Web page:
Cause and effect: Build your business by connecting with social causes


Corporate social responsibility (CSR) is getting increasing airtime in business circles. There’s no question that it can be a ‘forced hand’ strategy…everyone’s ‘doing it’ so we have to as well. It can also be a manipulative strategy…solely the desire to look good and mix in the right circles. However, there are countless examples of CSR as it should be, championed by corporates that really do believe in giving back to the community and whose motivation isn’t manipulation.

Almost everyone I know is passionate about a cause – from sustainability to social justice. But often they aren’t able to devote their life to it. Turn to businesses and we see that there’s enormous competition for attention, with clutter and noise distracting from a clear message (as true of internal stakeholders as external ones). The triple bottom line is that being successful, being heard and making a difference all matter. CSR is one way you can create a bridge between those objectives.

Strong businesses are built from the inside out

First, define your brand values. Your brand is not your logo or name. It’s your personality, experience and DNA…an authentic expression of what you stand for.

Second, commit to your marketing strategy. This means understanding your market and how you’ll compete in that market, as well as developing your value proposition and the people, systems and structures you need to deliver that promised value.

Third, connect your brand to your market through shared causes. This isn’t just about getting someone’s attention. This is about recognising that most people want to be part of something bigger than themselves. CSR is one of many ways to give back and to help your team and your customers and partners be part of that journey.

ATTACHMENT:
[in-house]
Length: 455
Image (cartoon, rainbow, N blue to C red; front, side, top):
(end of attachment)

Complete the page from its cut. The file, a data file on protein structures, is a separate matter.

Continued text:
A few pointers to authentic CSR

  1. Identify – list the causes that align to your brand values – eg health, education, poverty alleviation, training

  2. Create – determine what type and level of support you can give based on your resources – eg financial donations to other organisations, creation of your own initiatives/programs that directly contribute, provision of resources/expertise, leveraging your networks for advocacy support

  3. Link – find organisations you can partner with (eg other businesses), tap into (eg government agencies), or sponsor (eg not-for-profits)

  4. Define – articulate your program based on your support (point 2) and your links (point 3) as this will help you stay focused, not spread yourself too thin, and use your resources in a more sustainable fashion

  5. Build – maintain a commitment to your support program over at least a twelve month period rather than one-off bursts which have lesser value

  6. Involve – look for opportunities to include your team and customers/clients and partners in initiatives that support the causes you’ve chosen

  7. Communicate – use all of your communication channels to promote your chosen causes and what you’re doing to support them. CSR isn’t authentic because it’s a silent achiever (people can rightly be proud of giving back); CSR is authentic because it’s a value-based commitment

From the outside in, this is a two-way market building strategy using:

  • A traditional products and services approach, giving existing audiences a more compelling reason to stay with you, and

  • A cause-based approach, giving new audiences, who probably didn’t know you existed, a reason to consider your offer by supporting something that matters to them…and that matters to you.

From the inside out, this also has immense value to your most valuable asset – your team – by connecting their day-to-day work with broader social causes, and thereby increasing morale.

To see this in action, a couple of businesses you can look at are:

CSR is an exciting avenue for being creative with what you have and connecting your values with causes. It’s a real way to build your business – your people, your networks, your market share, your programs – and make a difference.

Recent Posts

© 2020 Marketry